A fantastic summary of key points affecting the digital resilience of children and young people across a vast area of society.
The research makes clear that the key themes affecting the digital resilience of children and young people are not isolated, they intertwine with each other at every level. Each theme is exasperated by another, for example, access to devices and connectivity is aggravated by poverty which in turn affects a person’s physical and mental well-being. This is echoed in my work with The National House Project and the support we provide to Care Leavers transitioning in to independent living across the country.
The BARS framework* is on point and takes in to account the breadth of impact that technology has on young people’s lives which, to date, no tool has done so which provides the digital youth index with proof of necessity.
Digital society is continually evolving as are the needs of young people, the digital youth index needs to have flexibility to evolve but also maintain its framework to ensure validity across its time frame.
Young people see connectivity as an essential requirement for everyday living, just like gas and electricity. Furthermore, young people living independently prioritise connectivity over anything else. A recent campaign from young people I support in Care Leavers National Movement enforces this, stating “Internet access is not a luxury it is essential”.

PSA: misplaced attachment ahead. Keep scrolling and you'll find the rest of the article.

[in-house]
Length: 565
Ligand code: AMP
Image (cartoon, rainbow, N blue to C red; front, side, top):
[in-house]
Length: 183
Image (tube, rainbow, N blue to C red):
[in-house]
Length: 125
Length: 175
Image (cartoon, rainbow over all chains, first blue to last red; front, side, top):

Interestingly, the research suggests that there is an assumption that some young people are digital natives and others are castaways, a breakdown of the demographics in each of these categories would be interesting and create a more focused approach to resource distribution. In my experiences, young people who have been encouraged to positively engage with digital devices throughout their time in care are much more confident when accessing the digital world at the point of transition to independent living, contributing to a more connected and sustainable start to their independence.
Another key point that the research makes is that not only are devices and connectivity dictated, to a degree by your social class but also the reliability and functionality of the connection. An unreliable internet connection can often set a young person up to fail and in my experience deters young people from accessing services. Care leavers living independently at 18 are more likely to have a poorer internet connection to other young people of the same age, largely due to the limited expendable income that care leavers have. Suggesting that young people aged 18 competing for jobs/experiences/opportunities are not starting on the same level playing field as their peers, driving the negative statistics that surround care leavers such as unemployment.
My final point to make is that young people’s first port of call for advice and guidance is often family, but it is also important to recognize that many young people don’t have this option. Through my work, it is clear that care leavers generally reach out for guidance from online resources as a first port of call. Connectivity for care leavers is a lifeline, it provides the functional requirement to live independently but also, and equally as important, it provides the emotional support through connectivity to friends, services and family.
*BARS stands for behaviours, attitudes, relationships, and situations and was used in the design of the Index.
The Digital Youth Index measures behaviours and skills that young people have, their attitudes to these skills and satisfaction with technology, the way this plays out and affects their relationships with family, friends and colleagues, and how the role of technology changes in different situations, such as at home, in school, and in the workplace.